"Recent work on skeletons and DNA suggests that the people who settled in the Nile valley, like all of humankind, came from somewhere south of the Sahara; they were not (as some nineteenth-century scholars had supposed) invaders from the North. See Bruce G. Trigger, "The Rise of Civilization in Egypt," Cambridge History of Africa (Cambridge, Cambridge University Press, 1982), vol I, pp 489-90; S. O. Y. Keita, "Studies and Comments on Ancient Egyptian Biological Relationships," History in Africa 20 (1993) 129-54."

On the basis of this varied research, some Afrocentrists argue that the Egyptians could indeed be classified as "Black." Other writers however argue that while the Egyptians clearly showed a range of types, including dark-skinned individuals others, calling them "Black" was an application of the "one-drop" rule of American culture, which would have been alien to the ancient Egyptians.[12] Afrocentrists reply that they are justified in doing so since the European academy routinely uses narrow definitions of Blacks, and uses subtle code for "Caucasoid" under such terms as "Mediterranean" or "Middle Eastern."[13]

Afrocentrists hold that Africans exhibit a range of types and physical characteristics, and that such elements as wavy hair or aquiline facial features are part of a continuum of African types that do not depend on admixture with Caucasian groups. They cite the nonracial approach of Hiernaux (1975)[14] and Hassan (1988)[15] which demonstrates that populations can vary based on microevolutionary principles (climate adaptation, drift, selection), and that this variation is present in both living and fossil Africans (AMERICAN JOURNAL OF PHYSICAL ANTHROPOLOGY 87:245-254 (1992))[16]They condemn attempts to split African peoples into racial clusters as new versions of older, discredited theories such as the "Hamitic Hypothesis" and the Dynastic Race Theory that attempted to separate out African groups like Nubians, Ethiopians and Somalians into "Caucasoid" groups that entered Africa to bring civilization to the natives. They also charge a double standard at play in the European academy which has made little attempt to define a "true white", [17]but does not hesitate to define Blacks as narrowly as possibly, while allocating as much as possible to broad "Caucasoid" or other categories when it comes to Egypt or other African civilizations. Afrocentric writer C.A. Diop captures this belief in a double standard as follows:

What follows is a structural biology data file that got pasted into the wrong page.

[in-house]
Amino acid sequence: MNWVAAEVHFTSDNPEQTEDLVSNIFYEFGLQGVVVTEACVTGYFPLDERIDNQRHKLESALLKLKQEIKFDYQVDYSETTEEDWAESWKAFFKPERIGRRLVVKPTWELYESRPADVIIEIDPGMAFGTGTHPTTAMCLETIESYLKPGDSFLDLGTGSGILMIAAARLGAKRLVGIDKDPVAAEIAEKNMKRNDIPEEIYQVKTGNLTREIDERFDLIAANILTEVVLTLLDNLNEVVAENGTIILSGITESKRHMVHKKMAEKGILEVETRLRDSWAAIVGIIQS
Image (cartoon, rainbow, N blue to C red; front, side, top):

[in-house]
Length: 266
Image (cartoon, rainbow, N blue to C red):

"But it is only the most gratuitous theory which considers the Dinka, the Nouer and the Masai, among others, to be Caucasoids. What if an African ethnologist were to persist in recognising as white only the blond, blue-eyed Scandinavians, and systematically refused membership to the remaining Europeans, and Mediterraneans in particular--the French, Italians, Greek, Spanish, and Portuguese? Just as the inhabitants of Scandinavia and the Mediterranean countries must be considered as two extreme poles of the same anthropological reality, so should the Negroes of East and West Africa be considered as the two extremes in the reality of the Negro world. To say that a Shillouk, a Dinka, or a Nouer is a Caucasoid is for an African as devoid of sense and scientific interest as would be, to a European, an attitude which maintained that a Greek or a Latin were not of the same race." [18]